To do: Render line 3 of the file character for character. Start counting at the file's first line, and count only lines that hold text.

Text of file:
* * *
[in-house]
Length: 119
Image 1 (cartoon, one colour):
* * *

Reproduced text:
Image 1 (cartoon, one colour):